“There is one body and one Spirit, just as you were called in one hope of your calling; one Lord, one faith, on baptism; one God and Father of all, who is above all, and through all, and in you all” (Ephesians 4:4-6).
One of the overarching themes in this passage is Christian unity. We are all a part of one body. The same Spirit dwells in each of us. We were all called to the same hope. There is one Lord whom we all follow by the same faith through the same baptism. Unified through these commonalities, we can create strong bonds with one another.
There are challenges to obtaining and maintaining this unity. Underneath the umbrella of the things which bind us together we all stand as imperfect people. We all have sin. We are all temped to be self-seeking and proud, to feel bitterness, offense, and envy. We are also all different. We differ in our personalities, communication styles, in the way we process information and in many other ways. These imperfections and differences have the potential to undermine the unity found in these commonalities. This may be why Paul starts off this passage by addressing the kind of attitude and approach we should have towards one another. In verses 1-3, we are encouraged
“to walk worthy of the calling with which you were called, with all lowliness and gentleness, longsuffering, bearing with one another in love, endeavoring to keep the unity of the Spirit in the bond of peace.”
The church is a “one another” organization. We participate in a congregation not only for ourselves, but also so that we may serve one another. Ephesians 4:7-16explains this clearly. In those verses, Paul compares the church to a body whose members function and work together to inspire growth in one another. But in order for this to happen, we must first see to walking worthy of the calling with which we have been called. According to Paul in Ephesians 4,that requires us to relate to our brethren in a certain way — with gentleness, lowliness, longsuffering, bearing with one another.
This same theme is found throughout the Bible. Paul wrote similar admonitions in many of his letters: Colossians 3, Romans 12, Romans 13, Romans 14, Romans 15, Galatians 5, Titus 3, and Philippians 2to name a few. Christ’s lessons and actions speak to this same subject. From the sermon on the mount to the washing of the apostles’ feet the night before the crucifixion, Christ’s life is saturated with teachings and examples of how we are to treat and view one another. Even God Himself has laid for us a pattern of works to follow insofar that many of the same characteristics prescribed to us by God, Christ and the apostles are the same characteristics used to describe the nature of God. Longsuffering. Merciful. Kindness. Goodness. Forgiving. Love. In fact, one could argue that our relationships with one another is one of the greatest areas where we can aspire to emulate our Heavenly Father.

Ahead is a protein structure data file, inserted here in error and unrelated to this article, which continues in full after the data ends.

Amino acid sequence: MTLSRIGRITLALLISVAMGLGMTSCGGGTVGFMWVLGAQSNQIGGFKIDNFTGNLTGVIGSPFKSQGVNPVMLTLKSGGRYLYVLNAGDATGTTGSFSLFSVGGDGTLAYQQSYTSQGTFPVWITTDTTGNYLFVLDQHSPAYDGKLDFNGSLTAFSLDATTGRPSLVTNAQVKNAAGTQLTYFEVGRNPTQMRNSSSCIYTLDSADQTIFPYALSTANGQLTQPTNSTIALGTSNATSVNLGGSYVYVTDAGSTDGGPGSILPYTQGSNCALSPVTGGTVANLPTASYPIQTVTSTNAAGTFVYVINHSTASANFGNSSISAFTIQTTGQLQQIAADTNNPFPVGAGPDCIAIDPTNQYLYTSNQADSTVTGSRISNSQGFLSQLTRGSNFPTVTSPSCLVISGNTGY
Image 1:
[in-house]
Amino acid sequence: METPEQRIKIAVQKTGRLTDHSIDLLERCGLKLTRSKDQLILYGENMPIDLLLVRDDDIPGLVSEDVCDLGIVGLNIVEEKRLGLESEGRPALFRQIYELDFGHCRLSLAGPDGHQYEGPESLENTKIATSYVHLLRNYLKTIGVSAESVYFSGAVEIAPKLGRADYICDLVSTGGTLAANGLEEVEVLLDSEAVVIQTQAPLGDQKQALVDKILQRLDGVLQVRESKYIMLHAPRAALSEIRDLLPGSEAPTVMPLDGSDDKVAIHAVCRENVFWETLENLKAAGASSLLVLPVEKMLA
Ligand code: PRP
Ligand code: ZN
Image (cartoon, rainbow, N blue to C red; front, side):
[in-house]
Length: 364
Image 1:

God has set forth through commandment, His example, the example of His son and the inspirational writings of the New Testament what our attitudes and actions should be towards one another. The volume of work provides us with evidence of its importance and speaks to the difficulty of the task. If it was easy, why would Paul feel compelled to write about this so many times? Why did Christ have to teach on the subject so often? Why is it that the night before the crucifixion the Messiah took the time to wash the stinky, dirty, calloused feet of His apostles?
Regardless of the difficulty of the task, God wants our hearts and minds to be in a place where we are ready to serve our brethren. In 2Timothy 2:20, 21, Paul wrote,
“But in a great house there are not only vessels of gold and silver, but also of wood and clay, some for honor and some for dishonor. Therefor if anyone cleanses himself from the latter, he will be a vessel of honor, sanctified and useful for the Master, prepared for every good work.”
We all have the responsibility to God to be prepared to do His will, and God has given us the responsibility to encourage and strengthen one another. My heart has to be clean concerning my brethren, or I’m not going to be prepared for that work. If my brother has a need that I am either blind to or indifferent towards because of the condition of my heart, that’s a problem.
Being longsuffering, forbearing, showing tender mercies, forgiving one another, letting the peace of God rule our hearts. These are all things God expects of us and there are no conditionals. It does not matter what others do. It does not matter how others behave. This is our responsibility. Longsuffering, forgiveness and mercy are often required of us when none is asked for and none is deserved. But where would each of us be without undeserved longsuffering, forgiveness and mercy from our Lord? And how pretentious of us would it be to withhold a similar grace from one another?
As we work together in our congregations let us allow the peace of God to rule in our hearts, forgiving one another, giving preference to one another and, above all, loving one another.